Will this all be solved though when we have all been infected and achieve Herd Immunity? Herd immunity is a situation where a high enough proportion of the population are immune to an infection, which ensures protection for the population as a whole. Remember that the R-number refers to how many an infected individual is likely to spread the disease to in a population. The more people who are immune, the fewer contacts an infected individual makes with people who could be infected. By reducing this number you ensure that, as a whole, people infect less than 1 other person. In this sense, you may get some infections, but you can’t get an outbreak. The level of protection needed for herd immunity depends on a few things including how infectious the virus is and how effective anti-viral immunity is. So although the level of immunity in the population will reduce the R number, it’s unlikely that we will totally eliminate SARS-CoV-2 through herd immunity, just as we haven’t eliminated the common cold.

Now that we have the vaccine this will help us bring down the R number, but how do the vaccines work; are they changing our DNA? The first vaccine which reported its effectiveness as protecting against SARS-CoV-2 was produced by Pfizer and is an RNA vaccine. RNA stands for ribonucleic acid – an acid that can be found in all living cells. The vaccine also produced by Moderna is similarly an RNA vaccine. These are a new vaccine technology and work by injecting RNA into a patient which sounds like science fiction or genetic engineering. In reality, RNA serves as a blueprint for a protein; in this case the RNA vaccines contain the blueprints for the SARS-CoV-2 spike protein. Once inside the patient, this RNA is picked up and read by immune cells which then make the spike protein before using that to train an immune response to recognise that protein in future. This means that when exposed to the virus in future the immune system is already primed and ready to go – leading to the infection either not establishing at all, or being cleared more rapidly. The RNA itself is not particularly stable and is cleared, it also doesn’t interact with the DNA inside host cells so there is no worry about any genetic changes occurring.

So what are the other vaccines that are available?  Other major vaccines, AstraZeneca/Oxford, Janssen, and Sputnik V are all more conventional. For these vaccines a different virus has been modified so that it expresses the spike protein. This new virus doesn’t cause disease but does stimulate an immune response. The follow up from this is very similar to the RNA vaccine where if in future you encounter the actual SARS-CoV-2 virus, your immune system is primed to eliminate it before it can make you sick.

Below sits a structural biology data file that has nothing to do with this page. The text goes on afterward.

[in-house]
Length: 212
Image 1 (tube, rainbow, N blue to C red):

But what about second doses? Most of the vaccines have been trialled where people are given 2 doses of the vaccine with a short period of time between those 2 doses. The idea is that you challenge the immune system and get an initial response, and thereafter you rechallenge them with the vaccine again to get an even more robust response in future. This led to some concerns being raised after the UK government decided to prioritise getting as many people their first dose and left the second doses for longer than were tested in the clinical trials. As vaccinations moved forward, the efficacy of the first dose has now been established and it looks like even that first dose provides quite a lot of protection. But you still do need that second dose at some point!

What exactly is vaccine efficacy though? Is there an obvious “best” vaccine? Many newspaper articles have been written about the efficacy of different vaccines but it can be unclear what these mean and so it is important to read carefully! The most common efficacy number refers to the reduction in moderate to severe disease and hospitalisations. This means that numerous people received either the vaccine or a placebo (dummy substance) and then were monitored. The number of people in each group who became moderately or severely ill were compared. In this way you can use the placebo group to determine roughly the percentage of people expected to become ill, and can see what reduction there is in the vaccinated group.